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Only use Armory software signed by the Armory Offline Signing Key (0x98832223)

Please donate to the Armory project by clicking here!    (or donate directly via 1QBDLYTDFHHZAABYSKGKPWKLSXZWCCJQBX -- yes, it's a real address!)
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October 07, 2014, 12:55:32 AM
 #4211

thanks etotheipi and goatpig,

Occasionally I feel armory didn’t close properly as Armory has to re index the internal database on reboot. Not sure as this hasn’t happened with 0.92.3 yet but would that be related?

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October 07, 2014, 01:12:42 AM
 #4212

You're right. I was looking at my old "Super I/O" card that states it "contains a Floppy Disk Controller" and thought this was an IDE/ATA interface but guess that's different.
It states:
» Supports two 360K / 720K / 1.2M / 1.44M / 2.88M floppy disk drives
» Enhanced digital data separator
» 3-Mode drives supported
But, it's definitely not USB since it has the old parallel ribbon cable connectors that connect to the old 3.5" floppy drives.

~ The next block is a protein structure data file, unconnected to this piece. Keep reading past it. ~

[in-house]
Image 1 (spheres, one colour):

Yep, you are good to go and as safe as the US ICBM operators. Although if I remember correctly the ICBM operators are required to sit on their chairs (with rails instead of rollers) and wear seat-belts (chairbelts?) when swapping floppies.

Important edit for the beginners:

1) Do not allow any of the computers to boot off of the floppy or CD-ROM. Always remember to immediately remove the floppy or CD-RW used to exchange the data between the computers, lest you forget and reboot the machine accidentally.

2) Do not install any additional drivers that might have came with the PCI board or the laptop expansion bay. The added device should be recognized by the OS itself. If the device isn't auto-recognized then it also isn't really safe. There were well-know vendors who inadvertently distributed viruses/trojans/bad OS patches on their pressed driver CD-ROMs.

I apologize for not putting this disclaimer when writing the original message.



Please comment, critique, criticize or ridicule BIP 2112: https://bitcointalk.org/index.php?topic=54382.0
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etotheipi